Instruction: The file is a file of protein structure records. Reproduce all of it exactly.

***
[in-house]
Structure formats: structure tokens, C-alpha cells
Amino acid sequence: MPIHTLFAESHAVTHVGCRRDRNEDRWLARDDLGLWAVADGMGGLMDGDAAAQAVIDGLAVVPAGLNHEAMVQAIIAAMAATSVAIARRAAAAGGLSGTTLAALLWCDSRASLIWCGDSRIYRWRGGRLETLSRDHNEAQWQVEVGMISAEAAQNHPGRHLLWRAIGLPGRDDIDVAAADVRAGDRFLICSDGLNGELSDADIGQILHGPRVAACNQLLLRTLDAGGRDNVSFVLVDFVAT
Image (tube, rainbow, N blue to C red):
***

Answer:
[in-house]
Structure formats: structure tokens, C-alpha cells
Amino acid sequence: MPIHTLFAESHAVTHVGCRRDRNEDRWLARDDLGLWAVADGMGGLMDGDAAAQAVIDGLAVVPAGLNHEAMVQAIIAAMAATSVAIARRAAAAGGLSGTTLAALLWCDSRASLIWCGDSRIYRWRGGRLETLSRDHNEAQWQVEVGMISAEAAQNHPGRHLLWRAIGLPGRDDIDVAAADVRAGDRFLICSDGLNGELSDADIGQILHGPRVAACNQLLLRTLDAGGRDNVSFVLVDFVAT
Image (tube, rainbow, N blue to C red):